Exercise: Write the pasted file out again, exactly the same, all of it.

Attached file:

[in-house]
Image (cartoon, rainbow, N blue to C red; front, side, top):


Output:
[in-house]
Image (cartoon, rainbow, N blue to C red; front, side, top):